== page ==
Design by Serena Shen

“Wait, why do you look so familiar?” Before I could even ask a question, LSA senior Cam Turner was interviewing me instead. I have to laugh because I know exactly why I look so familiar to him — he was an RA in my freshman dorm. It’s not the only thing we have in common, either. We’re both from the South, him from Georgia and myself from Tennessee, and we’re both passionate about the one thing that binds all Southerners together: Waffle House. 

“This all started with Dr. (Eric) Fretz’s Entrepreneurial Creativity class,” Turner said in an interview with The Michigan Daily, “we needed a project … then that one kind of stuck for whatever reason.” He’s referring to Michigan Waffle House, the Instagram campaign to “bring the state of Michigan its first Waffle House franchise.” Turner is one of five founding campaign members: Zach Simpson, Leo Samba — whom he called “the other (Southerner)” — Harshith Vempati and Nikhil Tangella round out the team. Back in the fall of 2020, the five were charged with designing a movement or campaign that solved an issue on campus, and Michigan Waffle House was born as a solution for two things: the absence of a Waffle House in Michigan and the lack of affordable late-night food on campus.

The movement exists largely on Instagram, and it’s only grown since its conception. In December of 2020, the page had 650 followers, and at the time of the interview, that number had grown to 1,180. When asked about that growth, Turner said that “hitting 1,000 followers is like a milestone … that’s a decent following.” The group has expanded into selling merchandise (“waffledrip”), producing Waffle House parodies of pop music (“waffletunes”) and, most recently, hosting Waffle Day in campus dining halls. 

Waffle Day, the Waffle House–inspired dinner at every dining hall on campus, was “a fever dream” for the group. “It was initially supposed to be only MoJo,” Turner said, “but we were able to hype it up and get every dining hall on campus.” Waffle Day included waffles, topping bars and an assortment of other breakfast foods all served in the dining halls. The event was a huge success. “Turnouts were great … we’re spreading awareness that we don’t have a Waffle House … and people seemed to enjoy it,” Turner said. Instagram posts captured lengthy lines and large groups of students partaking in Waffle Day, and it was promoted on the University’s student Instagram page. Turner cited posters around campus and social media as major promotional tools for Waffle Day, adding that these allowed students to “engage in some of the hype that we’re trying to build.”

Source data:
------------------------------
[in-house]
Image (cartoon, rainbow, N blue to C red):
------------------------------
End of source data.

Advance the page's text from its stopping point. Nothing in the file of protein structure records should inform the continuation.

When asked what had been more crucial to their growth, social media presence or events like Waffle Day, Turner said that it was “100% social media.” He referenced their popular photoshopped pictures of celebrities wearing Michigan Waffle House merch, which Turner called “super effective in terms of repost value,” and graphics and artwork inserting Michigan Waffle House into various U-M locations like the Big House. “It’s the language of Gen Z,” Turner said about their use of social media as the campaign’s primary catalyst. “So we knew that that would be our main attacking strategy.” 

The strategy has been successful: Michigan Waffle House has been featured on the University’s Barstool page and reposted on the University Instagram. The campaign’s meteoric growth and endorsements have led Turner and crew to consider pitching the idea of a Waffle House in Michigan to the corporation itself and just how much of a role their online presence would play in such a proposal. “Social media would 100% play,” Turner said. Referring to the artwork and parody celebrity endorsements on their Instagram, he added, “It’s kind of a cool, new form of marketing and cool way of using our social media platform … and as much fun as we’re having, we’re actually serious.” Turner said that “our goal this year was just to make enough noise, to build a bigger following so that … they can’t ignore us.” 

And because I am also a student and a self-admitted nosy person, I couldn’t leave the call without asking what score they received on this project. “Not to brag here,” Turner said, “but I think we were the second highest rated project in the group. We did win people’s choice award in the class, though, so that was pretty cool. I think people really fell in love with the freshness, and the newness and the creativity behind it.” He was, as he had been the entire call, spot on about how the University community has received Michigan Waffle House.

“People want to be together,” Turner added before we hung up. “And want to have a similar thing that binds them together, and for us, it would be waffles.”

Daily Arts Writer Maddie Agne can be reached at